Thanksgiving is fast approaching and that means only one thing, the annual holiday green-off is about to occur — the questions abound, from is tofurkey better than a locally grown grass-fed real bird, to what’s the greenest way to wrap my unnecessarily large gifts? The mother of all of the green holiday questions is highlighted by the arrival of the annual holiday tree to Rockefeller Center. This year, the famous tree is a 75-foot tall, 75 year-old Norway Spruce from Mifflinville, Pennsylvania. We’ve been discussing whether or not the real tree is the greenest option and would like to put it to you, dear readers, as a vote. Do you think it would be better for Rockefeller Center to use a plastic-derived-from-oil fake tree that probably contains PVC and was manufactured in a fume-spewing factory or a naturally beautiful real-forest pine violently cut down with a chain saw and dragged by a semi-truck hundreds of miles to New York City? Or perhaps no tree at all. Cast your vote below and then read on for more stats on holiday trees.

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The Rockefeller Christmas tree traditional unofficially began in a very green way in 1931 when the depression era workers that were building Rockefeller Center decorated a 20-foot tall pine with, “strings of cranberries, garlands of paper, and even a few tin cans,” on Christmas Eve, according to Daniel Okrent, a historian who wrote a book about The Rock. The historical fight between fake and real christmas trees goes back not quite as far, but it is a pretty heated debate. The conundrum is complex and almost indecipherable as each person in their individual situation would garner a different carbon footprint from each choice.

Take for example someone living in a small town in New England with a local cut-your-own tree farm that has transformed an empty agricultural field into a nursery. It is much better for them to drive four miles and cut down a tree that will be directly replaced by another carbon eating pine when the snow melts than to buy a plastic pine that was shipped from who knows where and is not, I repeat not, recyclable. But then you’ve got the city dweller, who’s tree comes from an unknown farm somewhere far outside their urban area — perhaps even a plane, train or boat ride away — that’s plopped down on at a sidewalk tree sale that has 24-7 Christmas lighting eating up unsustainable power from the grid. Maybe the plastic one is better for the city folk.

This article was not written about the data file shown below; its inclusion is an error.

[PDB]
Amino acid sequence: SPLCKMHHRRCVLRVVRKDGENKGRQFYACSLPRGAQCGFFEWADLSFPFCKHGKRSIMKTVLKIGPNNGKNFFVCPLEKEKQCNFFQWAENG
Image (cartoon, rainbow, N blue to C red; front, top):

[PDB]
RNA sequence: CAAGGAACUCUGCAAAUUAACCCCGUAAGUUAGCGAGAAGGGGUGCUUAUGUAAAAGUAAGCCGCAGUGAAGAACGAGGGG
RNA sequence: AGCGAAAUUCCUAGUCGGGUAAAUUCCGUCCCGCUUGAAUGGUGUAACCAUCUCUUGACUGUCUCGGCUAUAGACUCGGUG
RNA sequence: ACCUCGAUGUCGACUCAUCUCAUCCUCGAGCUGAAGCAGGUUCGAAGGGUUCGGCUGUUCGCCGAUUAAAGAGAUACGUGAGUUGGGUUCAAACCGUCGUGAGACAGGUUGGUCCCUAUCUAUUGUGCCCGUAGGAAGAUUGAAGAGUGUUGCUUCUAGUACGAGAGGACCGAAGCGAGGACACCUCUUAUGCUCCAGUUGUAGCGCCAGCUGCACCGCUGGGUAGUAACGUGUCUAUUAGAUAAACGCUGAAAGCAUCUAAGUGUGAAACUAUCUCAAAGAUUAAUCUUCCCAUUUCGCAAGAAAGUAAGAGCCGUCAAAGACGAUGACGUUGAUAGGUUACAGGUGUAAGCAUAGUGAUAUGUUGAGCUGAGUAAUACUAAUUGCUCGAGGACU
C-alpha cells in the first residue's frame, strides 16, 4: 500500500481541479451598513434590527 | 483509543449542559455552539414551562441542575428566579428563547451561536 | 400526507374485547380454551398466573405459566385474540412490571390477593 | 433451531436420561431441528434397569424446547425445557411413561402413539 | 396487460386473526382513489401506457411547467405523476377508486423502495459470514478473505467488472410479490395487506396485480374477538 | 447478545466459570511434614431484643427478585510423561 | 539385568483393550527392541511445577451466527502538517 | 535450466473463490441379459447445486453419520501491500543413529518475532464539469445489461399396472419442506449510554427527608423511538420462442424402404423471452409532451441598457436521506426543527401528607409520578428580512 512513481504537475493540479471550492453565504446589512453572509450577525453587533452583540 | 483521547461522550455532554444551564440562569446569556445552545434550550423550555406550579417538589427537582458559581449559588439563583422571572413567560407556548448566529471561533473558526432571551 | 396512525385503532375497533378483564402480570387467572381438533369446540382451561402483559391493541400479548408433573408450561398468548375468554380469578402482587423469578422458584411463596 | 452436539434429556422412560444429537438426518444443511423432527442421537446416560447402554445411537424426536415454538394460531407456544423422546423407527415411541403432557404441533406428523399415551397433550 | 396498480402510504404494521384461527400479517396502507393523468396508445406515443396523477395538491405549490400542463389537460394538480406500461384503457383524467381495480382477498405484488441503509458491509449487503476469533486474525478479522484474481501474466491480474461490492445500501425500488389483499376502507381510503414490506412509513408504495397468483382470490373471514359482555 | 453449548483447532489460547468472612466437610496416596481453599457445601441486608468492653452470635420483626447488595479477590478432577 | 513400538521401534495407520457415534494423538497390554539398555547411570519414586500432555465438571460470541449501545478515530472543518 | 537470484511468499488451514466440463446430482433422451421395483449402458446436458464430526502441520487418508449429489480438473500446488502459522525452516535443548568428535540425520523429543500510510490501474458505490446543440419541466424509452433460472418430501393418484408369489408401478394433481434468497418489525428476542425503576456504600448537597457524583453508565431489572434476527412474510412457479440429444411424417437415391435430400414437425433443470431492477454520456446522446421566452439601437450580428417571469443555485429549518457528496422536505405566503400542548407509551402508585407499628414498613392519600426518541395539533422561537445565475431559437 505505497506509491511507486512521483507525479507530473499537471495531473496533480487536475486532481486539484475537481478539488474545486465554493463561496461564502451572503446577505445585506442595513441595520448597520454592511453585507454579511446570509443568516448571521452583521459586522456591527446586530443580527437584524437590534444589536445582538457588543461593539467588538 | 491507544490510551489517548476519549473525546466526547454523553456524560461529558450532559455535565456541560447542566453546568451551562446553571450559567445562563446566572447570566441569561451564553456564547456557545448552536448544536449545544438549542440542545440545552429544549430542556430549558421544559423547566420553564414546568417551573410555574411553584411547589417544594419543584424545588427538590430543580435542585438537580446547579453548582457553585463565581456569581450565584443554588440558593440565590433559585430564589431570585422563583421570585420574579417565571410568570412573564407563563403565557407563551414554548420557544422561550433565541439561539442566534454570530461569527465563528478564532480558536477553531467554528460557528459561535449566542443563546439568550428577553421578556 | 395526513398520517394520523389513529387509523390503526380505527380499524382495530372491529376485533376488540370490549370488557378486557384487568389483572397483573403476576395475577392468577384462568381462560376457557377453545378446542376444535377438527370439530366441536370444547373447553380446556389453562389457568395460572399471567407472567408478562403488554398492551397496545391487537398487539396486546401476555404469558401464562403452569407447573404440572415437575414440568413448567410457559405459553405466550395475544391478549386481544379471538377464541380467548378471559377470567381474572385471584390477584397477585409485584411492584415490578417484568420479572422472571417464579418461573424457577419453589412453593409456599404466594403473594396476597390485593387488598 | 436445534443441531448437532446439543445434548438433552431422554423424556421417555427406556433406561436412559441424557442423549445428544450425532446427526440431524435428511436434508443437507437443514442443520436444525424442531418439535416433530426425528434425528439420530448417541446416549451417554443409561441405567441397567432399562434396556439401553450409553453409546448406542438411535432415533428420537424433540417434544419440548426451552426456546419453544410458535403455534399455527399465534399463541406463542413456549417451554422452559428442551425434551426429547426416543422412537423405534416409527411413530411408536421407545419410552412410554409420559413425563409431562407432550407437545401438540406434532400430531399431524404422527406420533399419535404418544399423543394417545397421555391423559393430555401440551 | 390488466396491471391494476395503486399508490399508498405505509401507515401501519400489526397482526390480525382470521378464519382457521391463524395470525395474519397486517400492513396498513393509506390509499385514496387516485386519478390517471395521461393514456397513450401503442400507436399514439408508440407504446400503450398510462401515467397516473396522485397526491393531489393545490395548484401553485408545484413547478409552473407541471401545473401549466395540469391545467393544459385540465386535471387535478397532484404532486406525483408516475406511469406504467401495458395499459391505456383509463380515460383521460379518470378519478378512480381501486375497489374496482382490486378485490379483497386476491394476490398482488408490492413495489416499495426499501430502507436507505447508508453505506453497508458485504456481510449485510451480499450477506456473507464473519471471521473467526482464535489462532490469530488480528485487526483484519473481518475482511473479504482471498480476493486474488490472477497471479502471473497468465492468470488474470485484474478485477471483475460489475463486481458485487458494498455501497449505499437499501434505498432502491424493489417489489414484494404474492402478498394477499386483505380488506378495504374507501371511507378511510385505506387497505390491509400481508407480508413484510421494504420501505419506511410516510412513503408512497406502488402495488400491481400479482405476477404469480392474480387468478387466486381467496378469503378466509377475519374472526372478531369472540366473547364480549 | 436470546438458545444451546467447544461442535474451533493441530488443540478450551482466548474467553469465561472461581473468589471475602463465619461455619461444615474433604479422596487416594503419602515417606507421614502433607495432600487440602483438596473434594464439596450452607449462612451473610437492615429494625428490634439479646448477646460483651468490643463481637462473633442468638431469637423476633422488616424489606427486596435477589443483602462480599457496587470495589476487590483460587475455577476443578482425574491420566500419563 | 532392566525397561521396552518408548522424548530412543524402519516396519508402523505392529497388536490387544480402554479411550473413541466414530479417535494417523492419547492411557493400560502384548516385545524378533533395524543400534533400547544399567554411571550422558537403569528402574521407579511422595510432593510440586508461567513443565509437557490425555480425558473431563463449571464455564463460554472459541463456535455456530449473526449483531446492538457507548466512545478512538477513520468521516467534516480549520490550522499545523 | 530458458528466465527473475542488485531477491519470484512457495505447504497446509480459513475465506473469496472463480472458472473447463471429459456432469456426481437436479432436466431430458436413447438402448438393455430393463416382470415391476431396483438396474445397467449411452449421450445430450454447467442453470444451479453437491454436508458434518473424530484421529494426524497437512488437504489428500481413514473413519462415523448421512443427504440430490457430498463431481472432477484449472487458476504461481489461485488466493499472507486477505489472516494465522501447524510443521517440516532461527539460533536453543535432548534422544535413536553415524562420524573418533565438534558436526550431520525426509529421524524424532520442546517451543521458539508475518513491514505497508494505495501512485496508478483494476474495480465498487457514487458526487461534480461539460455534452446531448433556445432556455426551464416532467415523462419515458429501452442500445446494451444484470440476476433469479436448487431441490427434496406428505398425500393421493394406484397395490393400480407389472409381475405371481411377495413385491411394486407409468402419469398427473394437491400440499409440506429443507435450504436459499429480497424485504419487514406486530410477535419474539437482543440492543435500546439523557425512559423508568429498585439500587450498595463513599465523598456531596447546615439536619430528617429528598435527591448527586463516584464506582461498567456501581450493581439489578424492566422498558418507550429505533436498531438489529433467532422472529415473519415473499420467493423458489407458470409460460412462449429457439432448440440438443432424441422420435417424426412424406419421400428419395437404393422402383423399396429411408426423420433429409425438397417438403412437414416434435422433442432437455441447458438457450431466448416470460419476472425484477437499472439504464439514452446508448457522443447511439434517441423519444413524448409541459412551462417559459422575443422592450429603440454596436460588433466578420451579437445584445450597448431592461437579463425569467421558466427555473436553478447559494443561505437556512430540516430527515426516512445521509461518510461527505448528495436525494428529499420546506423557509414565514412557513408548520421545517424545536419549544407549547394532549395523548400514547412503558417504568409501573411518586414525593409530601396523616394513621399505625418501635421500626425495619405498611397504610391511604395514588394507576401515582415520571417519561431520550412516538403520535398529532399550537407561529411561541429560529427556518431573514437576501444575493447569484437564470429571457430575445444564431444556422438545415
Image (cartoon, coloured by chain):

But for the Rockefeller Center tree, we just can’t decide. We’ll note here that at least the tree is decked out in LED lights and not power sucking incancesdents. But would a ten-ton hunk of plastic and metal be better than a ten-ton product of nature ripped from its roots? Or perhaps you’d rather a recycled beer bottle tree a la this beauty from Shanghai instead, or perhaps you should rent a tree or maybe the greenest of them all, buy a tree which you’ll plant outside when spring rolls around. We’re thinking the last choice might be out of the realm of possibility for Rockefeller Center’s behemoth. What do you think?

+ Rockefeller Center